A Selfish Take on Brexit

I would hate not to be able to go to Spain and buy cigs at half price. Is that a reasonable reason for me and mine to vote to stay in the EU? You see, do you not, that, if I vote ‘Remain’, it will be for purely selfish and ‘single issue’ reasons. Frankly, I see no reason not to take that view since ‘single issues’ seem to predominate in Government attitudes.

So why should I not vote ‘Remain’ simply because I can import cigs from Spain at half price? Would that ability be denied me if I voted ‘Leave’?

But there is more. The EU limits tobacco control to some extent. Is it not quite likely that if the UK leaves the EU, then our country will become like Australia – the ultimate Bully State? What is the difference between Australia and North Korea? The only difference that I can see is that dissidents are not actually killed or imprisoned in Australia as they are in North Korea. Instead, they are ostracised, their careers are ruined and they have no legal resource to protect them. In fact, is it not true that the reason that TC can lie so much is because there is no legal resource which can challenge them? That applies in the UK and in the EU, and it applies in the WHO and the UN.

There must have been, in the past, some point where a comparatively small group of influential people got together and decided upon some broad principles, such as that European wars were caused by the existence of separate countries. It would be foolish to deny that separate ‘kingdoms’, ‘autocracies’, ’empires’, did not produce conflicts. But it was not the ordinary citizens of these ‘kingdoms’, ‘autocracies’, ’empires’ which caused the conflicts.

In a way, I can understand Cameron et al’s desire to stay in the EU, and it would also suit me, if my ability to import cigs is threatened. I could understand Cameron et al if it was true that they could reform the EU. But they cannot, because they and their predecessors set up the EU in the way that it is. The vast bureaucracy is too powerful to be reformed – no one would know how to do it. The only reasonable way to do it would be to destroy it and start again.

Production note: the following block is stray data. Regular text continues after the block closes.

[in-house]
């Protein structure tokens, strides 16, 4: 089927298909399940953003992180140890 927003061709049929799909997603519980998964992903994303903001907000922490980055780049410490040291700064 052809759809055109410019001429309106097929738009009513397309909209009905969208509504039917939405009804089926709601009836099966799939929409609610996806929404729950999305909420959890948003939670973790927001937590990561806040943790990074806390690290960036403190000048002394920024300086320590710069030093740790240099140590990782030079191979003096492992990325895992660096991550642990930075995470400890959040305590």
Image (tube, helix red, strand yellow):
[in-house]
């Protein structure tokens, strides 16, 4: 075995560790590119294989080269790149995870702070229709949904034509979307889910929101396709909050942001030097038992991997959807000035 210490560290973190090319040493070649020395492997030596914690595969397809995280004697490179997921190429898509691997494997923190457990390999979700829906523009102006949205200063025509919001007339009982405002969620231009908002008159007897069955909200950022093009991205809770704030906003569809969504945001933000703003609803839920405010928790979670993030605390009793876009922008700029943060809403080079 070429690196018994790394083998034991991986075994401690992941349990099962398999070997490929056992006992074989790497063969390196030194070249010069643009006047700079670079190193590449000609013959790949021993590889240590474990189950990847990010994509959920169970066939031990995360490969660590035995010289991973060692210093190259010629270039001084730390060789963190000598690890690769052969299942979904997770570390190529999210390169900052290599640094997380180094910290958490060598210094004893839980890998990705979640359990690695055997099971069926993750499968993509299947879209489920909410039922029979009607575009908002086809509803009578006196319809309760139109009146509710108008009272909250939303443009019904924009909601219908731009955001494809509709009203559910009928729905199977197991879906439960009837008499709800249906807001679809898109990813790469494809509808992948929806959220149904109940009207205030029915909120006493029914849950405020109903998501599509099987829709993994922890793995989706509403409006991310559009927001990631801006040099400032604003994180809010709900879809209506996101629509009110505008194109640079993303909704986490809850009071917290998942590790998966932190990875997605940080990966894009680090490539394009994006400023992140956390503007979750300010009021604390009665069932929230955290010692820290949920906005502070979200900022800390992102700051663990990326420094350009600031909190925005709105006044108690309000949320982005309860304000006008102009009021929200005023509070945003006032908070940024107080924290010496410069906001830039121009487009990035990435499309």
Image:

The problem with the EU is that it is all the wrong way round. NATO, a treaty agreed by the USA and European countries, protected most of Europe from communist aggression. The beginnings of the EU should have started from NATO. PROTECTION should have been the initial goal. A European military force could have been built to protect European nations. Subsequently, having protected the whole of Europe from aggression, property rights could have been secured. When I say ‘property rights’, I do not mean the aristocratic ownership of land. All the land belongs to THE PEOPLE as a whole. I continue to be amazed that ‘the land’ was never nationalised. That should have been the first thing to be nationalised. By ‘property rights’, I mean the right to enjoy property without state interference provided that nothing illegal was going on there. The idea of ‘public places’ as applied to ‘private property’ is a contradiction. Whatever gloss might be applied by words, the fact is that a property cannot be both public and private at the same time.

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So I must make a decision. Do I risk an Australia-like bully state by voting ‘Leave’, or do I risk dictatorship by the UN, WHO, EU hegemony?

I think that I know which situation might be most easily corrected, and it is ‘the Australia-like bully state’. The reason is that we can vote for representatives who can change the hegemony. That is the important thing.

We HAVE TO leave the EU. That is the only way in which new Treaties can replace the failed ones. Staying in only reinforces the existing, faulty Treaties.

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4 Responses to “A Selfish Take on Brexit”

  1. tony Says:

    I fully agree. It will be a great temptation for many smokers to vote to stay in the EU in order to ensure they can continue to buy (relatively) cheap cigarettes from there.

    My simple plea: Please don’t sell our democratic birthright (yours and mine) for a few pounds of tobacco.